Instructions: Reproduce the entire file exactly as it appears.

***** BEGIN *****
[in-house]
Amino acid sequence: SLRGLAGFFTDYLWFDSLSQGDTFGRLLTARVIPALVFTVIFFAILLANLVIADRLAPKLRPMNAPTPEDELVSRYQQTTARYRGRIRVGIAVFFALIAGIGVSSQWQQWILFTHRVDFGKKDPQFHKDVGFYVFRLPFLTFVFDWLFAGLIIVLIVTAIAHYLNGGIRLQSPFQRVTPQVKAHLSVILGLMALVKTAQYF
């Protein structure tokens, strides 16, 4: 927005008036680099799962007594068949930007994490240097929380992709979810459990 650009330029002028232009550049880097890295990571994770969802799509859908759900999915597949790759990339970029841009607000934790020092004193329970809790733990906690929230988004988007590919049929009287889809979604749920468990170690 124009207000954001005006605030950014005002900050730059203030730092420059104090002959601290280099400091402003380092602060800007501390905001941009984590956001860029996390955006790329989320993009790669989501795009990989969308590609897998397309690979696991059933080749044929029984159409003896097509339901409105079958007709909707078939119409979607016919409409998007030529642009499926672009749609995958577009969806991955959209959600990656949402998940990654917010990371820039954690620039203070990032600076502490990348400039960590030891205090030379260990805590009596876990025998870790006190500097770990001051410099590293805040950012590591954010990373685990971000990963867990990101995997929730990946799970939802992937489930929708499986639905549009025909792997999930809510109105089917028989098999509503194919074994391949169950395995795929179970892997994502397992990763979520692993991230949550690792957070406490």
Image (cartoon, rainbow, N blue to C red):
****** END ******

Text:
[in-house]
Amino acid sequence: SLRGLAGFFTDYLWFDSLSQGDTFGRLLTARVIPALVFTVIFFAILLANLVIADRLAPKLRPMNAPTPEDELVSRYQQTTARYRGRIRVGIAVFFALIAGIGVSSQWQQWILFTHRVDFGKKDPQFHKDVGFYVFRLPFLTFVFDWLFAGLIIVLIVTAIAHYLNGGIRLQSPFQRVTPQVKAHLSVILGLMALVKTAQYF
């Protein structure tokens, strides 16, 4: 927005008036680099799962007594068949930007994490240097929380992709979810459990 650009330029002028232009550049880097890295990571994770969802799509859908759900999915597949790759990339970029841009607000934790020092004193329970809790733990906690929230988004988007590919049929009287889809979604749920468990170690 124009207000954001005006605030950014005002900050730059203030730092420059104090002959601290280099400091402003380092602060800007501390905001941009984590956001860029996390955006790329989320993009790669989501795009990989969308590609897998397309690979696991059933080749044929029984159409003896097509339901409105079958007709909707078939119409979607016919409409998007030529642009499926672009749609995958577009969806991955959209959600990656949402998940990654917010990371820039954690620039203070990032600076502490990348400039960590030891205090030379260990805590009596876990025998870790006190500097770990001051410099590293805040950012590591954010990373685990971000990963867990990101995997929730990946799970939802992937489930929708499986639905549009025909792997999930809510109105089917028989098999509503194919074994391949169950395995795929179970892997994502397992990763979520692993991230949550690792957070406490």
Image (cartoon, rainbow, N blue to C red):